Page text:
Category Archives: Evidence-Based Parenting Blog Carnival

Another unremarkable reaction to vaccinations

My friend and fellow Evidence-Based Parenting blogger, Tara Haelle shared her story of her son’s unremarkable reaction to his childhood vaccinations, here.  She also dissected a recent study from Pediatrics, the journal of the American Association of Pediatricians, on the impact of religious exemptions on  pertussis rates.  You can read Tara’s post here.  You can also join the Evidence-Based Parenting community on Facebook and discuss it, share your stories, here.

I’ve written before about the importance of vaccinations.  I’ve even written about a case of measles that hit WAY to close to home for me, here.  In light of that, the study which Tara wrote about is concerning to me.  The crux of that paper from Pediatrics?  “Counties with higher exemption rates had higher rates of reported pertussis among exempted and vaccinated children when compared with the low-exemption counties.” (Source).

If you think that choosing NOT to vaccinate your child doesn’t impact anyone else in your community, you are WRONG!

Parents are lying about their religious beliefs to score immunization waivers on the basis of a religious objection.  Those lies, that failure to vaccinate is having real and measurable impacts on their communities, in the form of increased cases of pertussis.  Vaccination is important.  Vaccines save lives.  We all have to do our part to keep our communities safe and healthy.

Today, I’ll join Tara and I’ll add my voice to the chorus of vaccine stories.

I have two children, Mable is 3.5 and Nemo just turned one.  Both children have been vaccinated according to the standard schedule recommended by the CDC, AAP, AMA, etc.

While I have done a lot of reading on the topic of childhood vaccinations, we relied heavily on the decades of schooling and practice that our pediatricians and nurse practitioners had, in deciding how to vaccinate our kids.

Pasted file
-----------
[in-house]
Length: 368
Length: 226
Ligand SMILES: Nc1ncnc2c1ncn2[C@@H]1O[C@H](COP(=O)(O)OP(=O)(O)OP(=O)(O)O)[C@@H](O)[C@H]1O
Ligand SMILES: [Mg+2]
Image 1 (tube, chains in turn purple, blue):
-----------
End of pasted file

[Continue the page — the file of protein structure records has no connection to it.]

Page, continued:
Columbus wknd mcphd

Both of my remarkable children have had only unremarkable reactions to their vaccinations.

Just last week Nemo recieved his first dose of the MMR vaccine and the Varicella vaccine.

I could not even tell you what happened after each and every vaccination.  I have a recollection of Mabel sleeping through the night for the first time after getting several vaccinations at her 8 week well child visit.  I have a recollection of Nemo having a slight fever after some shots- I don’t remember which ones or how old he was.

My experience has been completely unremarkable.  Other than expected tenderness at the injection site or being sleepier than usual, maybe a fever, neither of my kids have had any reactions.  And, as is clear from my inability to recall details, those reactions aren’t even memorable enough for me to recall.

That’s my unremarkable vaccine reaction story.  What’s yours?  Share it here or with other Evidence-Based Parents on Facebook.


Filed under #scimom, Evidence-Based Parenting Blog Carnival, Mabel, Mother, Nemo, Scientist

Transition to New Parenthood/Evidence Based Parenting Discussion Storified

Earlier this week I posted my contribution to this month’s Evidence-Based Parenting Blog Carnival about the transition to motherhood.


Today, several of the contributors, all evidence-based parents (many scientists, science communicators, and researchers- all parents), got together on Twitter for a live discussion of some of the issues brought up in the Carnival.  We used the hashtag #parentscience and discussed issues ranging from sleep to swaddling to pain management and bonding.

If you missed the live discussion, don’t worry.  My fellow Carnival of Evidence-Based Parenting (CEBP) contributor, Matt Shipman Storified it!

You can catch up on what you missed here.  And you can contribute to the ongoing discussion on the CEBP Facebook page here (recent topics include the debatable happiness of new parents and the difficulties facing doctors and parents when caring for interest infants).

If you are ready to trade the parenting hype for the some legit, evidence-based parenting, read up!

Leave a comment

Filed under #scimom, Evidence-Based Parenting Blog Carnival, Mother, Scientist

The Transition to New Motherhood

This month’s Evidence-Based Parenting Blog Carnival is discussing the transition to motherhood/fatherhood, inspired by Mother’s Day.  Our host this month is evidence-based parent Jessica Smock whose blog, School of Smock, looks at parenting from the perspective of a mom with a young child and a research background.  Our topics in this month’s carnival are as varied as you might expect.  You can find them all here.  You can also follow the discussion on Twitter with the hashtag #parentscience and on our Facebook page.  Also, tune in on Twitter this Friday (5/17/13) from 1 to 2pm for a Twitter party with all of our bloggers for a live discussion with the hashtag #parentscience.